China Digital Currency Approaching Official Launch as Banks Begin to Test the New Payment System

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China’s digital currency appears to be on the cusp of an official launch amid reports that the country’s central bank – the People’s Bank of China (PBOC) – has allowed cherrypicked lenders to start testing the new payment system in real-life settings.

Over the past few months, an increasing number of reports out of China seem to indicate that the country is close to launching its own version of a digital currency. For instance, Forbes previously reported that China has opted for a two-tiered strategy wherein the PBOC will create the digital currency and then distribute it to key financial institutions in the country – a list that is likely to include the top five Chinese banks along with financial technology companies, Alibaba (NYSE:BABA) and Tencent (HKG:0700), as well as the association of Chinese banks known as Union Pay. These institutions will then play the role of primary dealers and disburse the digital tokens throughout China.

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This dual structure of China’s digital currency was confirmed in August 2019 by Mu Changchun, the deputy director of the PBOC’s Payments Department, who justified this approach in the following manner:

“It can not only use existing resources to mobilize the enthusiasm of commercial banks but also smoothly improve the acceptance of the digital currency.”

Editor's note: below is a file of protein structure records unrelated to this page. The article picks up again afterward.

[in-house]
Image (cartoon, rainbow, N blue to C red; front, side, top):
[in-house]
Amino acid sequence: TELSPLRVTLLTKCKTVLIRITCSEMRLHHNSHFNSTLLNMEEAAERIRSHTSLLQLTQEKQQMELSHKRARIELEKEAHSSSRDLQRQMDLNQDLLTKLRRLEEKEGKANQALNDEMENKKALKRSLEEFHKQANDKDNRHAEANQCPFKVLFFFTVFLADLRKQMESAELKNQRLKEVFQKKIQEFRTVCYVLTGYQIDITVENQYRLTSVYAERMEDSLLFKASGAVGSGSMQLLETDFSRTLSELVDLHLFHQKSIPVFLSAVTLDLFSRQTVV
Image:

Now, Bloomberg has reported that China’s state-owned banks are conducting hypothetical-use tests of the digital currency as if it were in circulation in key Chinese regions of Suzhou, Xiong’an, Chengdu, and Shenzhen. Moreover, the new payment system will include digital wallets that will provide various functionalities, including conversion between cash and digital tokens, account balance inquiries, payments, and remittances. Nonetheless, the sources quoted by Bloomberg did concede that research in this arena is still ongoing and that these functionalities remain subject to change.

Bear in mind that the Chinese authorities had revealed in 2019 that the proposed digital currency will have the ability to process 300,000 transactions per second in contrast to Libra’s ability to handle only 1000 transactions per second. This, according to those officials, is achievable as the digital currency will not have a “pure blockchain architecture”. Moreover, the digital tokens will reportedly not require an internet connection to function, eliminate counter-party risks, and continue to remain compatible with existing payment platforms, such as WeChat and Alipay.

China has so far led other countries when it comes to the development of a state-backed digital currency. At a meeting in early 2020 – intended to lay down the goals for the year – the PBOC announced that its research in this arena was progressing smoothly. However, a specific timeline for the launch of the digital legal tender has not yet been publicized by the Chinese authorities.

This development has, nonetheless, given rise to an interesting conundrum. Electronic payment methods are already very entrenched in China which makes this entire exercise of launching a digital token quite frivolous. As a counter, Chinese officials are quick to assert that this move will allow China to protect its ‘monetary sovereignty’ amid unacknowledged fears that Facebook’s Libra might bolster the U.S. Dollar’s already gargantuan influence over the global financial system.

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